Fair Market Rent

During the sale phase, tenants may be entering into their option notification period and desire to negotiate the Fair Market Rent. Prospective buyers are underwriting to specific market rents as part of their valuation and offer. If negotiations begin to take place this could impact a buyer’s future negotiation power and ultimately, their sales price. Part of our team’s diligence is to review the lease terms before going to market. We’ll be able to spot potentially overlooked items and advise accordingly.

Team Management

We can often be an extension of your management team. Many clients have different departments for leasing, asset management, and dispositions. While the leasing team is off and running trying to get spaces leased, the disposition team is focused on the transaction and sale. We act as a bridge across your internal departments to help align visions and goals. In our recent article Why You Need a Transaction Manager Role, we detail how our team provides a “unique promise” of facilitating “clear and direct communication.”

While revenue growth is important to any shopping center owner, the number one goal during the sale process is the actual sale. More specifically, maximizing value along with securing the right buyer. If you are not sure how a prospective lease may impact your property’s value, contact us and we’ll be happy to provide our in-depth insights.

Why You Should Work With a Transaction Manager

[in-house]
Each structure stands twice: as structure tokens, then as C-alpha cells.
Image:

The role of a transaction manager is almost always found in residential real estate; no top producing agent or team would be caught without having someone whose focus is coordinating the transactions. However, when it comes to commercial real estate, where arguably the process can be even more detailed and timely, not every group or team has a transaction management department. The role of the transaction manager is extremely important: the focus is not just on coordination but strategy and keeping the deal flow for a secured closing. ™

As an integral component at Shopping Center Advisors, a transaction manager is vital to both the team and deal process. Having a single point of contact helps streamline the process for many of our clients, both private and institutional groups alike. Private individuals and funds find comfort in having a single point of contact who is responsible for the data and information gathering and coordination. A transaction manager role is no stranger for our institutional level clients – many of whom have dedicated managers and departments themselves. Our team is an extension of your in-house acquisitions team.

Team Process